|World League of American Football
World League of American Football
The original WLAF was founded in 1990 with support from the National Football League as a spring developmental American football league. It had ten teams playing a ten-game regular season. Teams were aligned in three divisions:
- North American West: Birmingham Fire, Sacramento Surge, San Antonio Riders
- North American East: Montreal Machine, New York/New Jersey Knights, Orlando Thunder, Raleigh-Durham Skyhawks (replaced by Ohio Glory in 1992)
- European: Barcelona Dragons, Frankfurt Galaxy, London Monarchs
The playoff format consisted of four teams: the three divisional champions, plus a wild card with the best overall non-division winning record. The two teams emerging from the World League of American Football semifinal playoffs met at the end of the season in the World Bowl. The first two World Bowl games were held at predetermined locations much like the modern Super Bowl.
Rules unique to WLAF included assigning increasing point value to field goals based on distance, and a requirement that at least one player of non-US American nationality participate in at least every other series of downs. New ideas were successfully tested, like using the 2-point conversion rule also on the professional field before adopting it in the NFL in 1994. Other minor tweaks in game play, such as a shorter kickoff tee, were also first used in the WLAF.
Also, on live TV broadcasts by USA Network, helmet cameras provided spectacular pictures. These were discontinued, though, due to the extra weight of the equipment, and sometimes very aggressive content the cameras picked up. Also the audio coverage of single players that was picked up with parabolic mirror microphones was quite disturbing at times.
Birmingham was announced as the location for the second of league's inaugural teams on Wednesday, April 18, 1990 at a press conference at the mayor's office. Tex Schramm, commissioner of World League of American Football, awarded the city a franchise based upon its past support of the defunct Americans, Vulcans and Stallions. On Friday, December 21, 1990, Chan Gailey was announced as the head coach.
The original WLAF was less than popular in the United States. This might also have been caused by the surprising domination of the three Europe-based teams in 1991, which had a combined 24-6 record, while no North American team managed to be better than 5-5.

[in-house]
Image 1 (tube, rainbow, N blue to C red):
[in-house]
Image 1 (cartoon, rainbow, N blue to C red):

In their first season, the Fire was one of the teams that went 5-5, which made them first in their division. They had 140 total points, and 140 scored against them. They lost the playoffs 10-3 to the Barcelona Dragons who went on to lose World Bowl I to the London Monarchs 21-0.
In the 1992 draft, the league made sure that the American teams would not be inferior again. So in 1992, all three European teams had losing records, while five of the seven North American teams had winning records.
The 1992 Fire went 7-2-1. They had 192 total points with 165 points scored against them. They played to the league's first-ever tie, 17-17 against the reigning champion London Monarchs in week 4. They finished second in the North America West division and lost in the playoffs 45-7 to the Orlando Thunder. Sacramento defeated Orlando 21-17 in World Bowl II.
Despite the losing teams, the European fans remained loyal, but operations of the WLAF were suspended after the 1992 season as the league lost money, and the involved NFL owners were not willing to invest more. However, the National Football League still liked the idea of a spring developmental league - and they needed another pro Football league to help their cause in the antitrust and free agency lawsuit with the National Football League Players' Association.
In 1995 the World League was resurrected as a solely-European league. The Fire name and logo was given to the Düsseldorf, Germany team, called the "Rhein Fire". In 1998 the World League was renamed the NFL Europe.
|Pro Football in Birmingham
- Harwell, Hoyt. (April 18, 1990). "Sports news." Associated Press.
- Crowley, Gene. (February 19, 2008). "Birmingham Fire" at BirminghamProSports.com.